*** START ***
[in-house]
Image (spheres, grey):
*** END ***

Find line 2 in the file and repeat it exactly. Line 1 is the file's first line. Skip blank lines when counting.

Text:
Image (spheres, grey):